Before deciding to perform the palliative surgery or not, the risk of surgery should be evaluated by appropriate clinical examination. Palliative surgery should be performed when the benefit is way superior to the risk. The decision for operation should be made based on the clinical examination of patients’ both oncologist and oral and maxillofacial surgeon. The main reason and inclusion criteria for operation are (1) spontaneous bleeding which might jeopardize the patient unless treated, (2) movable mass which makes it difficult to chew and swallow, (3) severe pain, and (4) single metastasis from HCC. When it comes to OMHCC, the risk of massive bleeding is always present. Metastasis from HCC has been reported as a hemorrhagic tumor because of its hypervascular nature . Furthermore, in view of the coagulopathy that often accompanies primary liver disease, a resection or even a biopsy can be complicated by hemorrhage. In our cases, there was no severe coagulopathy. The INR (Internationalized Normalized Ratio) of all patients ranged from 0.94 to 1.21. However, all four patients undergoing surgery had a large amount of bleeding. Meticulous bleeding control was always required.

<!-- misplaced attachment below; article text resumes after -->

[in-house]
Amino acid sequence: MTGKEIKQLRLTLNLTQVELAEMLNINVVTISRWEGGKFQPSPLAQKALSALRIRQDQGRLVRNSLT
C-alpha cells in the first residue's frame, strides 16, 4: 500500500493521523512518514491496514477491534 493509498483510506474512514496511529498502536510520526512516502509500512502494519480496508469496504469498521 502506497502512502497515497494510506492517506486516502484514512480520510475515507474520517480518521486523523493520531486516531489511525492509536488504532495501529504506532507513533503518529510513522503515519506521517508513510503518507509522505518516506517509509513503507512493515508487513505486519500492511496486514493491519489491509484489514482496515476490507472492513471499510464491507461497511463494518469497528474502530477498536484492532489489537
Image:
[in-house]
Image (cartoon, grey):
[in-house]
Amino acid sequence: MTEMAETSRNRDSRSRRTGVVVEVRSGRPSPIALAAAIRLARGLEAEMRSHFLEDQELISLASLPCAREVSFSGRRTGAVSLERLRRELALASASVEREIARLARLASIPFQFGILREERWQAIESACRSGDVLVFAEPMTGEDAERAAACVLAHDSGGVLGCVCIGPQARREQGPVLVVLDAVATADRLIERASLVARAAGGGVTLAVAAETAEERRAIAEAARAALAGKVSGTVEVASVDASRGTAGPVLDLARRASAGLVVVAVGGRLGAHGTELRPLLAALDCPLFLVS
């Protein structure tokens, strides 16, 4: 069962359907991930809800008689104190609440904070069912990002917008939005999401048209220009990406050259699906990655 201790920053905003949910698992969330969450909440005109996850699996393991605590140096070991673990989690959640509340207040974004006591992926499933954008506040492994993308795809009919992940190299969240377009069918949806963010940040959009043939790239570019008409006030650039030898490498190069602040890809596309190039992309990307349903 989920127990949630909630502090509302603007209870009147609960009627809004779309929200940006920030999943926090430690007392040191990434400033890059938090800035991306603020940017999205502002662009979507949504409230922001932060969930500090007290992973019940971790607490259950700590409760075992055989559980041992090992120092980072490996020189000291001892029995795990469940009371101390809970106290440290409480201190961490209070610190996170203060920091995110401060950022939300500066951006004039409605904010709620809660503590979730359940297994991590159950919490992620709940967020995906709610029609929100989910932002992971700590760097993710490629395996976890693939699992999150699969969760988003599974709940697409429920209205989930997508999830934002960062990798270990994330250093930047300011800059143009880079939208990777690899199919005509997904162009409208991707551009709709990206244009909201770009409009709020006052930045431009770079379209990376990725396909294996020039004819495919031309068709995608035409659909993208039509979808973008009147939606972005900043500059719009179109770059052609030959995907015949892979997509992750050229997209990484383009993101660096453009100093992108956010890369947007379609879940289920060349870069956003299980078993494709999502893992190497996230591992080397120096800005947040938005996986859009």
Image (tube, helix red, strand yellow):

In our cases, there was just 1 case that oral lesion was the first manifestation of MHCC. In other 9 patients, they already had some metastatic lesion other than oral site. This means that proper management on oral lesion could not increase patients’ survival rate dramatically in 9 cases. However, in case 6 which was oral lesion as first manifestation of metastasis from HCC shows longest survival times (63 months). It seemed that proper management of oral lesion was beneficial to the patient survival time. In a previous review including 390 metastatic tumors to the jaw bones, the average time between the diagnosis of the primary tumor and appearance of the jawbone metastases was estimated to be 39.5 months . It is similar as our cases which show that the average time between the diagnosis of the primary HCC and the diagnosis of the OMHCC was 43.1 ± 50.5 months. Among 10 patients, 6 patients received radiotherapy on OMHCC with total dose ranged from 35 to 60 Gy. Radiotherapy is generally considered effective for metastatic bone cancer, and there are reports concerning the effects of radiotherapy on bone metastases from HCC . In a recent study of radiotherapy on metastasis from HCC, total dose ranged from 12.5 to 66 Gy resulted in pain relief rate from 73 to 99.5% and improvement of the patient’s quality of life . The 1-year survival rate after radiotherapy initiation or the diagnosis of bone metastasis of HCC has been reported to be 13.8–32.4%, with a 5–7.4 months’ median survival time [7, 8, 23]. In our cases, the median survival time of patients treated with radiotherapy for oral lesion was 5 months. It is same as the result above. However, in our cases, due to the limited sample number (n=10) and multifactorial effect on patient survival, there was no significant difference between the group treated with oral radiotherapy or not (Log-rank 0.27; p > 0.05).